Investor confidence takes a knock despite ‘Freedom Day’ as infection rates soar

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Susannah Streeter, senior investment and markets analyst, Hargreaves Lansdown spoke to Business Leader about the impact of ‘Freedom Day’ on investor confidence.

Far from bringing an added dose of confidence to investors, ‘Freedom Day’ appears to be a setback. Investors’ confidence in the UK has dropped by 5% in July, when compared to June, a steeper fall than the 2% registered on average for regions around the globe.

The sharply rising Covid infection rates across the country, and concerns about fresh easing of restrictions, is likely to be behind the drop, which is identified in the HL monthly investor confidence survey*.

Worries are mounting about what the lifting of social distancing rules will mean for economic recovery, if the virus spreads more rapidly. Already many industries from hospitality to manufacturing are struggling to cope with high levels of absence as staff are pinged by the test and trace app, leading to the closure of some venues and a drop in output.

The confusion surrounding quarantine and testing rules for international travel is also leading to fresh uncertainty about the prospects for the aviation and tourism industries, which have been struggling through the worst crisis in their history. The lack of warning about the need for travellers from France to isolate for ten days from today, has thrown holiday plans into fresh mass chaos, with hopes of a boost to summer bookings evaporating.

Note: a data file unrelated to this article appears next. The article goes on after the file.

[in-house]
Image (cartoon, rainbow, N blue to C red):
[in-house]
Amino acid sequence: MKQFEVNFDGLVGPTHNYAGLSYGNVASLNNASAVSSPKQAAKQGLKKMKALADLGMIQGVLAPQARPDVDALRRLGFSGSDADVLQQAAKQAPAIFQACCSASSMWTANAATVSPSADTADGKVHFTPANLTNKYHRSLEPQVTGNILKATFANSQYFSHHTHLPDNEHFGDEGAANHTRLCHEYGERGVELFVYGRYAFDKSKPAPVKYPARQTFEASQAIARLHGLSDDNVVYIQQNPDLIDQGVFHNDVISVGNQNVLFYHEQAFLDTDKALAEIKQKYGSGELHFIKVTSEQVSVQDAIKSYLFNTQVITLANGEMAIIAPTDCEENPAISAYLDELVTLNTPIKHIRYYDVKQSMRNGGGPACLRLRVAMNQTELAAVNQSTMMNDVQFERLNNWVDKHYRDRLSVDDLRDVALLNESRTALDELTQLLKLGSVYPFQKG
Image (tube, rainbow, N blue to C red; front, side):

Amidst concerns that infection rates could derail the recovery are worries about inflation heating up and the knock on effect of rising interest rates. 65% of investors believe interest rates will be higher in a year’s time compared to 60% last month. That is the highest level since January 2019. More than a quarter (26%) now believe they could be higher in six months, compared to 24% in June 2021.

Economies have been re-opening with an energy that once seemed unlikely in the depths of the pandemic, which is pushing up inflation. In addition the recession left supply chains broken around the world, leading to some shortages. Companies have also slashed investment during the crisis, so the ability to increase production is limited, which has the effect of pushing up prices even further.

Central banks are largely still talking as a team, stressing that these effects are transitory, kicking the ball of monetary easing down the pitch. But it’s clear investors, watching from the side lines, are increasingly nervous that price rises are likely to linger for longer. More fear that a swifter rolling back of mass stimulus programmes and the spectre of rising interest rates could dampen economic growth and asset valuations.

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